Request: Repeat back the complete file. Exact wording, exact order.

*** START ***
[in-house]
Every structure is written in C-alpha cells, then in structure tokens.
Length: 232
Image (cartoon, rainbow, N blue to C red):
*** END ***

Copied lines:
[in-house]
Every structure is written in C-alpha cells, then in structure tokens.
Length: 232
Image (cartoon, rainbow, N blue to C red):